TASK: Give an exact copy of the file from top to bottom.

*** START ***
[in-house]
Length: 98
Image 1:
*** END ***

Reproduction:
[in-house]
Length: 98
Image 1: